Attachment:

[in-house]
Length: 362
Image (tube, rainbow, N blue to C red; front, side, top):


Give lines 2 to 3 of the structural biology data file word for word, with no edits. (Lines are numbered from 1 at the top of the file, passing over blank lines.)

Length: 362
Image (tube, rainbow, N blue to C red; front, side, top):